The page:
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and so it starts... confirmed wolf kill

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and so it starts... confirmed wolf kill

Postby dave54 » Sat Oct 28, 2017 11:46 am

http://digital.olivesoftware.com/Olive/ ... 1004105757

This one is too close to town, where kids walk to school.

Either Fish and Wildlife will deal with it, or locals will using 3S.
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Re: and so it starts... confirmed wolf kill

Postby freestone » Sat Oct 28, 2017 2:18 pm

3S?
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Re: and so it starts... confirmed wolf kill

Postby dave54 » Sat Oct 28, 2017 3:21 pm

Shoot, Shovel, and Shut up.
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Re: and so it starts... confirmed wolf kill

Postby k9mark » Sat Oct 28, 2017 6:19 pm

An environmentalist who has advocated for the California wolf population dismissed ranchers’ concerns.

“I don’t see how it could set back our cause if one is a thinking individual,” said Amaroq Weiss, the wolf advocate at the Center for Biological Diversity, a nonprofit conservation group that has pushed to get more species listed as endangered.

Although livestock die from numerous causes, “we know that there will occasionally be predations of livestock,” she said.

She and other wolf advocates say such kills are rare, especially if ranchers take steps to keep the animals away. Weiss said livestock owners have to take “common-sense” precautions if they know wolves are in the area. These include making sure the livestock stay together for protection. In addition, ranchers must quickly dispose of the carcasses of livestock that die from other causes; otherwise those carcasses can act as lures for wolves, she said.

Wow. Go tell this to the rancher face to face.
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Re: and so it starts... confirmed wolf kill

Postby dave54 » Sat Oct 28, 2017 7:56 pm

Locals were tentatively OK with the wolves when they were in a remote unpopulated part of the county. Now everything is changed.
The wolves need to be trapped and relocated. I suggest the American River Parkway, Golden Gate Park, or Griffith Park. Will the advocates feel the same if the wolves were relocated to those areas?
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Re: and so it starts... confirmed wolf kill

Postby k9mark » Sun Oct 29, 2017 11:21 pm

dave54 wrote:Locals were tentatively OK with the wolves when they were in a remote unpopulated part of the county. Now everything is changed.
The wolves need to be trapped and relocated. I suggest the American River Parkway, Golden Gate Park, or Griffith Park. Will the advocates feel the same if the wolves were relocated to those areas?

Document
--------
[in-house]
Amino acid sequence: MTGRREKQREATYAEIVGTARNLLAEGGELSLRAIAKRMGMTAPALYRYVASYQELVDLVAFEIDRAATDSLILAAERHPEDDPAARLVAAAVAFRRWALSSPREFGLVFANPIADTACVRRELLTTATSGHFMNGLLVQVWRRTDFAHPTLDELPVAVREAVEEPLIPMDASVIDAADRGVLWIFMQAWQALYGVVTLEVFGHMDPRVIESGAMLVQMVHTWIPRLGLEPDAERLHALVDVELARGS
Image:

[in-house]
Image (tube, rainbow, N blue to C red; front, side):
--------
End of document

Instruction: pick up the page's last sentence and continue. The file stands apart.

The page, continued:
Ha, you know that would never happen
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Re: and so it starts... confirmed wolf kill

Postby wildhiker » Mon Oct 30, 2017 1:00 am

We can make room in California for 40 million people and their cars, houses, and possessions, and the millions of acres of farmland, rangeland, forestland, and industrial zones needed to feed, house, clothe, and entertain them. Why can't we make room for some wolves, who actually were here before us?
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Re: and so it starts... confirmed wolf kill

Postby Hobbes » Mon Oct 30, 2017 8:28 am

The wolves are one thing, mountain lions another. I was in Bishop last month getting some supplies at Vons. One of the stockers showed me a photo his brother had taken @ Big Pine lakes the day before. It was four mountain lions; one mother and three teenagers (appeared full size). Imagine that - four big cats in the talus right above the lakes.
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Re: and so it starts... confirmed wolf kill

Postby dave54 » Mon Oct 30, 2017 10:45 am

Mountain lions do not form packs and kill for sport like wolves do.
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Re: and so it starts... confirmed wolf kill

Postby John Harper » Mon Oct 30, 2017 11:59 am

Ranchers get virtually free grazing rights on federal lands, water subsidies, and other federal subsidies that all of us Americans are on the hook for. They are also compensated for loss of livestock due to any wolf predation. Wolves have a right to exist in the ecosystem. Having grown up in a ranching and farming area (Fillmore) I have little economic sympathy for ranchers and farmers. They are the biggest welfare queens in our entire country.

Most ranching and farming operations would not even be economically viable without massive government subsidies (water projects) and corporate welfare (crop subsidies, etc). Take a look at the Imperial Valley and the Tulare Lake (Pine Flat Dam) area as an example. You think there would be farming operations there without "big guvmint" supplying water and/or flood control?

The "myth" of the rugged, independent rancher or farmer is just so much BS. None of them could make it without taxpayer bailouts.

John
Last edited by John Harper on Mon Oct 30, 2017 12:27 pm, edited 2 times in total.
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